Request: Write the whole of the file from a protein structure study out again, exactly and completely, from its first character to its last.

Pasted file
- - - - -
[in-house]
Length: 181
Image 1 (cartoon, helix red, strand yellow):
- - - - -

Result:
[in-house]
Length: 181
Image 1 (cartoon, helix red, strand yellow):